How a MonsterVerse movie without humans could work
Godzilla vs. Kong is an exciting movie, and one of its creators believes a sequel doesn’t need humans. Although this is a crazy idea, it could work.
When it comes to massive action movies that feature unrestricted destruction and impressive fight sequences, most viewers don’t have to look much further than kaiju movies. These films often feature massive creatures competing against each other to protect or destroy the human race. One of the genre’s ancestors is none other than the King of the Monsters himself, Godzilla. For decades, the enormous amphibious titan roared across movie screens as a hero and a villain. A key element in most forms of kaiju media has always been the humans who help convey the monster’s motivations and emotions. But one of the co-writers of most of the MonsterVerse films believes that a great kaiju movie can exist without human influence.
Introducing a big budget kaiju movie without a huge cast seems like an unorthodox decision. Yet following the events and success of Godzilla vs. Kong, co-writer Max Borenstein (Godzilla, Godzilla: King of the Monsters, Kong: Skull Island and Godzilla vs. Kong) believes it is possible. In an interview with Slashfilm, he said: “I think it could be done. I was thinking the same. I think it would be amazing, actually.” Borstein goes on to explain that this would also be an ambitious endeavor, with, at the very least, very careful inclusion of humans. Of course, conceptualizing a movie like this would require careful planning to convey a believable story with these massive characters. Yet the conclusion of Godzilla vs. Kong has already done most of the legwork.
In his heart, Godzilla vs. Kong is a character piece for Kong and his journey off Skull Island. His human companions do their best to explain his feelings and motivations, but the real heart is with Kong and his friend, Jia, a deaf child who teaches him to sign. Not only can Kong convey his emotions through sign language, but his face and actions are human enough to elicit sympathy from the public. Now that he rules the Hollow Earth, it’s possible to see a movie that focuses on his journey to understand his new home and fight his threats, without any human involvement or minimal interaction via Jia and his sign language.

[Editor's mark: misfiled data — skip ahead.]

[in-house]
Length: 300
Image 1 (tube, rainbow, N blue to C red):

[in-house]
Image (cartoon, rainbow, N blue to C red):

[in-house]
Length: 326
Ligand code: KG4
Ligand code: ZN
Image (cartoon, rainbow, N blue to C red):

While Kong is a species that is easier to visually connect with and has a companion who helps him express himself, Godzilla is a slightly more difficult creature to portray without human interaction. That being said, its release in Godzilla vs. Kong sets him up for a chance to try since Godzilla has spent decades crossing paths with humans. Depending on the film, Godzilla is presented as a hero or a threat to civilians. But previous Showa-era films also place him on Monster Island, where he spends most of his time interacting with other Kaiju. He also showed skills in communicating with them to organize attacks against enemies.
Godzilla: King of the Monsters offers a glimpse of that with Godzilla and Mothra working together against King Ghidorah. Giving the King of the Monsters a chance to find a home on Skull Island, whether it becomes Monster Island or elsewhere, also provides an opportunity to see him in a place with little to no human involvement. From there, he can be a protector, taking on enemies emerging from the Hollow Earth and showing a more peaceful side as he will have more downtime between taking on other kaiju.
Due to the big names that have been attached to Legendary Picture’s MonsterVerse, it’s highly unlikely to see a kaiju movie devoid of humans. Yet if films like Dawn of the Planet of the Apes to prove anything is that animal characters can carry the same emotional weight as actors. This is teased with Kong and is worth exploring in a future project. However, on the Godzilla side, being at odds with the characters has been a staple for kaiju. Still, an adventure to maintain a lonely life without human interference or kaiju might offer an emotional weight never before seen with the character. It’s an amazing idea that has potential, but it remains in the realm of wishful thinking for now.
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